Glass-art is made primarily by artists like me for decorative purposes to be displayed at home and office by our patrons. With the turns and twists in our paths, art is appreciated in the most unlikely of places by the most unlikely of people and used in the most unlikely of ways—which means that art has to fit into our patron’s everyday life—something everybody can use and wear!
In the most simplest way that I can explain is that every type of art has form and content. Content of a piece of art is based upon what the artist has/had in mind—-the idea, the thought process of the piece becoming a finished product. What did the artist want to portray? Was the artist able to portray the vision successfully? Finally, how does the public react to the finished piece? These are just some of the questions that come to the fore-front when thinking about usable ART. The other aspect of art is the form—the physicality of the piece—the physical materials used, the principles and the rules and regulations of design and of course the elements/raw materials used. In this case—-Glass.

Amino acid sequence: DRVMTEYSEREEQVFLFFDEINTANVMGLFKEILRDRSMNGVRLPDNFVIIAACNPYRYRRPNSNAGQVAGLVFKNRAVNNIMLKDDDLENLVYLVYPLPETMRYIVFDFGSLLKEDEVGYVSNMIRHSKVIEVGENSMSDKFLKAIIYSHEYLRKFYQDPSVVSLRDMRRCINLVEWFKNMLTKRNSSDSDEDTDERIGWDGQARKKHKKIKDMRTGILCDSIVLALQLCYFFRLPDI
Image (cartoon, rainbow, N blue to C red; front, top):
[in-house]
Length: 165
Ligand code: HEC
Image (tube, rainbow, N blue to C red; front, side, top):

Though the rules of Art should be mastered for safety reasons and to keep the integrity of the chosen field, I feel the rules should be stretched and broken to make your own identity. As I have always said, respect, know and understand the rules well before you can break them.
Glass Art can be made in so many different ways—in the hot-shop, flame-worked at the torch, formed in the kiln, cut glass at the wheel, cut and soldered together as in stained glass. These are just some of the different ways of making glass-art.
These various facets of making glass art can be combined to achieve very distinctive styles. Skillfully mixing and matching and pushing the limits is what gives the artist an edge to bring unique designs and visions to life.
Decorative tumblers, artistic blown bowls, eye catching vases, beads, outstanding unique wall decor, keep sake boxes are just a few of the things that are used daily made of glass.